Real estate can be one of the best investments you can make. If you plan on investing in and managing rental property, organizational and management skills are a necessity, along with a working knowledge about real estate matters. Here are 5 tips for managing investment property.
Screen Tenants Well
Evaluate prospective tenants by utilizing background checks, credit histories, personal references and employment histories. Require every applicant to provide credit and employment references. Don’t be influenced by personal references. Contact previous real estate agents, landlords, employers, accountants, and/or bankers. Ask the question:
Do you believe the applicant(s) would be able to pay $x per month for y months and keep the property clean and in good condition?
Set Expectations for Tenants
Talk with your tenants and set expectations. Ensure that payment arrangements are clear verbally and in the lease. Be consistent. Make late fee assessments clear in the lease agreement and collect late fees when necessary.
Let all tenants know upfront they need to get any changes to the property approved by you. Let them know that any unauthorized changes can result in a loss of the security deposit. When managing investment properties, you want them to appeal to a broad population. Keep carpets and walls relatively neutral and avoid any exotic colors. Ensure that your tenants know they are free to make cosmetic upgrades as long as they are approved by you first.
Take pictures of the inside and outside of the house before a tenant moves in and/or out. Be sure the pictures are dated.
Consider Using a Professional Managing Agent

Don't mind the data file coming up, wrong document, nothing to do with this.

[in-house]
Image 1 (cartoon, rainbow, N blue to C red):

Utilizing the services of an experienced, professional managing agent can save you time and hassle. Professional Managing Agents have detailed up-to-date knowledge of the residential tenancy legislation, an understanding of local vacancy and rental movements, a background in repairs and maintenance, a reliable network, an awareness of housing price movements, and knowledge of insurance and property taxation.
A Professional Managing Agent can help you manage inspections, property showings, tenant issues, and hiring an agent allows you to remain somewhat anonymous acting as the buffer between you and the tenant.
Consider the cost carefully as hiring a Professional Managing Agent will reduce your income. Across the country, property management fees normally run from 7% to 10% of income on averag
Cover Your Assets
Obtain liability, fire, theft, and other insurance on rental property. As a landlord, you should have commercial insurance, not a typical homeowner’s policy. In addition to insurance, you need to have at least one Limited Liability Company (LLC) to protect your assets rather than owning the property personally.
Have reasonable expectations as an investor. Don’t expect to buy an investment property and immediately enjoy a positive cash flow, meaning the rent you collect exceeds all of your out-of-pocket expenses. Many investment property owners go 3 to 5 years before cash flow turns positive. Immediate positive cash flow usually happens when the investor makes a large down payment and has relatively low mortgage costs.
Have an idea of how much rent you can charge. Research how much comparable properties rent for. A good rule of thumb is to set the rent at 95% of the current market value. Rental properties which are listed just below market value attract the best referenced tenants and maintain minimum levels of vacancy and repair/maintenance.
Owning investment property can be very rewarding, but you can’t expect to sit back and collect income year after year without doing any work on your property. Investment real estate can be a worthwhile investment if you are well prepared to face any challenges that may come along.